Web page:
RS Raja Gopal Sastry, Chief Financial Officer, WABCO India
RS Raja Gopal Sastry
The Serengeti is possibly the most dramatic representation of the cycle of life on Earth, and one that can be witnessed in a very short span of time. The wildebeest exit the park at the onset of the dry season and travel thousands of kilometres, and the predators struggle to survive the gruelling dry season. Not soon enough, the rains return and the rested and enriched soil immediately turns a lush green, inviting back the wildebeest and other animals. The predators eat again, but do not enjoy the abundance. Rather, they use this time to store strength to survive yet another dry season. In many way, this lifecycle is also true of macro trends seen across the world.
Economies and businesses go through inevitable cycles of growth and recession, or expansion and contraction. While these cycles bring into being a better order of things, there are also casualties in the process. People lose jobs and businesses become obsolete. However, organisations that are resilient manage to use this time to create new revenue streams. Like the earth, the economy, too, becomes fertile after a period of recession, and many new ventures take root and grow quickly. Denial is the first reaction in the face of a slowdown, but the pain caused is undeniably uncomfortable.
What are those symptoms or events that characterise a slowdown, contraction or a recession? Economics says it is technically a recessionary situation when GDP growth is negative for two quarters. It will be evident to us when we see businesses failing, negative growth in production, job losses and growing unemployment. Are we already in the phase of a slowdown? The prolonged strife in the automotive sector, job cuts across sectors, low GDP growth rates, negative IIP growth, all point to a slowing economy. Businesses are witnessing low sales and profitability is affected because of low absorption of overheads. Recession or no recession, it is important to understand as to what would happen to our business and to the economy at large, and what steps we can take to survive it.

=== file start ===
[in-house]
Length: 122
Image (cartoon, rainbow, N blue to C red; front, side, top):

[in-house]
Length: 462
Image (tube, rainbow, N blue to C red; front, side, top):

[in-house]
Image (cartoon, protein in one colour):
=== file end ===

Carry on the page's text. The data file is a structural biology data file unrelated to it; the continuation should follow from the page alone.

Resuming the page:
As recession takes the economy into its grip, businesses witness declining revenues, and thus shrinking profits. Companies freeze hiring, ‘restructure’ (a euphemism for removing employees to save costs), and defer R&D investments. What were previously considered important spends, like marketing and advertisement, training and development, are suddenly considered discretionary. Metaphorically speaking, businesses facing a slowdown first shed fat, lose muscle, have their bones give way, and in some unfortunate instances, compromise on their souls. More on that later, though!
Before businesses accept low demand and sales and put in place austerity measures, their first priority should be to attempt to improve sales. History is replete with examples of visionary and successful leaders who grew their businesses during recessions. Low demand comes from a low appetite for discretionary spending – which is turn stems from low confidence in sustaining one’s current earnings, and fosters a propensity to save instead of committing future earnings to servicing debt. The marketing workforce, with its intimate knowledge of the consumer, needs a bigger share of the budget that this point, and they should not be spending time planning cost cuts. Groupon, at the peak of recession, made it its business to offer discount coupons of various businesses. This helped generate demand for ‘non-essential products’, and many companies benefited by making sales. Groupon itself grew phenomenally until it was sold. In a recent ‘stress test’ conducted on various banks, Citigroup fared best. This was the result of the high service levels the bank offered, which allowed it to grow its assets during a slowdown.